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Secretary of State for Health, Alan Johnson MP attends Kidz Board, as Big Lottery Grant pushes Network forward

Secretary of State for Health, Alan Johnson MP attends Kidz Board, as Big Lottery Grant pushes Network forward

Whizz-Kidz’ Kidz Board assembled in Hull Kingston Communications Stadium today, Friday 17 April, to put the spotlight on Secretary of State for Health, Alan Johnson MP on issues affecting young disabled people.

Nine young wheelchair-users put their questions to Mr Johnson, including Whizz-Kidz Ambassador Summer Almond who asked:

“Does the 18 week waiting limit for hospital treatment apply to wheelchair services as I have had to wait many months for an assessment?”

Alan confirmed that wheelchair services do not come within the government’s 18 week target for treatment, but suggested that the Board should keep campaigning on the issue as it will help it become an increased priority with local Primary Care Trusts, and the NHS framework generally.

During an in-depth question and answer session, Alan highlighted the work the Government has already achieved through programmes such as Aiming High for Disabled Children and the recently published Child Health Strategy. He then went on to say that because of decentralisation of Government, money for local health services like wheelchair provision cannot be ring-fenced.

Alan assured the whizz-kidz Board that he was working closely with Ed Balls, Secretary of State for Children, Schools and Families, to ensure all primary care trusts in England understood that the recently announced additional funds need to reach disabled children’s services.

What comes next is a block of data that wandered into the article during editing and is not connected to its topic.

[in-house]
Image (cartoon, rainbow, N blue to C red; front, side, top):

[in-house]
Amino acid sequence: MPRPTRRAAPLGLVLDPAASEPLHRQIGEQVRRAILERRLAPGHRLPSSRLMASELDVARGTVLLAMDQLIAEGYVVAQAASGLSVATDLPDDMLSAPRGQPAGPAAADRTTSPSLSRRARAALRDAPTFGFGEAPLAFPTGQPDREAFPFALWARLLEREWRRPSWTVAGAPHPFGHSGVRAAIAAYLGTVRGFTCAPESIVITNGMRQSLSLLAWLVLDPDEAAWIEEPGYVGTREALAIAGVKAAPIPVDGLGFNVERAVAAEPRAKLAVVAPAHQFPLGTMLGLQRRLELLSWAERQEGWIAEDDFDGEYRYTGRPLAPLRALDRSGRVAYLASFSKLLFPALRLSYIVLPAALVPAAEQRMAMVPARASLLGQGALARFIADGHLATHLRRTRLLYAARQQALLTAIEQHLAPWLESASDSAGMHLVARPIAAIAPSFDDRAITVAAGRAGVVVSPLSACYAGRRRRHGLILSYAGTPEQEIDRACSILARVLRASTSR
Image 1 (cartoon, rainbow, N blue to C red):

Chair of Kidz Board, Jamie Green, added:

“It was great to meet Alan today and he seemed really keen to hear our views and about our experiences of using local wheelchair services. Hopefully he will take on board what the young people said today and that this will go a long way to improving the situation in ways that mean real change for young disabled people everywhere.”

The Kidz Board also leads the charity’s Ambassador Network, which gives young wheelchair-users up to the age of 25 the opportunity to campaign locally and nationally on issues they feel strongly about, and promotes peer-to-peer learning and development. It also offers bespoke training and work-placements to empower disabled young people with the confidence and independence to prepare for further education and employment.

Whizz-Kidz has recently been awarded £2.8 million in lottery funding to help support and develop its young Ambassador Network across England over the next five years.

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